Brunswick voters unseat Daughtry, elect Wilson, King, Perreault
BRUNSWICK — The Town Council will have a significantly different
ideological slant come January, after voters on Tuesday elected three
candidates with strong backing from the business community.
In perhaps the most watched race, at-large Councilor Joanne King
easily defeated Councilor Karen Klatt, the current District 4
councilor, 5,276 to 2,758.
In District 4, John Perreault, a local
businessman and developer, defeated Jason Bergquist, a Green
Independent candidate for state Senate last year, 797-524.
District 3, challenger Suzan Wilson knocked off incumbent council
Chairwoman Hallie Daughtry, 864-768.
All results were unofficial with 500 ballots still to be hand counted.
Only 20 of those ballots were in District 3, not enough to overturn the
The outcome effectively flips the current council dynamic toward
pro-development just a year after the current majority gained power by
running against controversial projects like a proposed Walgreens
pharmacy and championing more accountability from the Brunswick
Economic Development Corp.
Wilson and Perreault agreed the outcome would likely shift the council dynamic, but stressed that the new majority favored responsible development.
"I'm not out to put something where it doesn't belong," Perreault said.
Wilson, meanwhile, said her first order of business will be to restore funding to the town's Marine Resources Department. She also acknowledged that the council could become more receptive to development proposals.
"To some, pro-business sounds like a nasty word because they consider capitalism to be evil," she said. "... I think this will be a more forward-thinking council and less of a rejectionist council."
Klatt, in particular, had irked the business community during her
tenure. Last year she accused a local developer and committee member of having a conflict of interest. The dispute simmered until earlier this year when the conflict turned personal, leading to uproar in the business establishment and, ultimately, Klatt's censure by the council.
That disagreement, plus Klatt's opposition to the Walgreens project, were the focus of questions during a Oct. 29 candidates forum hosted by the Brunswick Downtown Association. The BDA last year came out in support of Walgreens.
During the forum, Klatt claimed she was being attacked by BDA members. During an exchange of several e-mails, her supporters also criticized BDA member David Knight of "bullying" Klatt over the destruction of King's campaign signs.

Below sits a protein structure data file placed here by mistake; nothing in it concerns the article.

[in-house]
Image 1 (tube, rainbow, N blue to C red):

Knight, who is married to Town Councilor Margo Knight, later wrote Klatt to say he wasn't accusing her of destroying King's signs.
King, meanwhile, said Wednesday that she tried hard to stay above the negativity. As in previous elections, King financed her own campaign because she wasn't comfortable accepting contributions.
"I sent back several checks," she said. "I like to do my own thing and not worry about someone thinking about who controls me."
King also said her economic development platform and her straightforwardness tipped the vote in her favor. She acknowledged support from the BDA and other business groups, but rejected the notion that she was beholden to their interests.
"I've taken heat from all sides at one time or another," King said, adding that her 2008 decision to kill a business park deal drew widespread criticism from the business community.
Ultimately, she said, her hard work and commitment to the town's betterment were what appealed to voters.
"I'm a straight-shooter," she said. "I don't get myself into trouble with double-talk. I'm out there to do the best I can."
King's victory gives her a fifth term on the council. She defeated
Klatt in every district. The closest outcomes were in District 6 and
District 7, which typically draw the highest concentration of Bowdoin
College voters. Klatt targeted the latter, taking out a paid
advertisement in the Bowdoin Orient, the student newspaper, and
campaigning during the college's Early Voting Day.
Klatt, in an e-mail on Wednesday, made no attempt at conciliation with her opponents.
"As I went door to door during my campaign, I heard a lot of positive feedback for the courage I have to stand up for the people, to be fiscally responsible, and to promote and demand open and responsive government. I also heard a lot of complaints with the status quo," she said. "The problem is the 'good old boy' network is so strong here in Brunswick that dirty politics has replaced democracy. It's a shame and for the people that supported me, I am very sorry. As for the people that did not support me, you made your choice and now you will have to live with it."
Wilson's victory over two-term
incumbent Daughtry was, perhaps, most surprising. This was Wilson's third attempt to unseat Daughtry.
Her win was the first by a challenger over an incumbent since David
Watson defeated Councilor Mike Feldman in 2001.
Daughtry, in a printed statement, said she was disappointed in the outcome but also hopeful. On Tuesday, she worried that a late start in her campaign, combined with the large number of absentee voters, may have hurt her chances. Daughtry estimated that 20 percent of the voters she spoke to had already voted.
According to Town Clerk Fran Smith, 61 percent of registered Brunswick voters participated in the election. Last year, voter turnout was about 77 percent. More than 3,061 absentee ballots were cast prior to Tuesday.
Smith said there were 498 absentee ballots in District 3, which has approximately 2,000 registered voters.
All three School Board candidates were uncontested. Incumbents
Michelle Small and Corrine Perreault, John Perreault's wife, won, as did
newcomer James Corey. None of the candidates faced write-in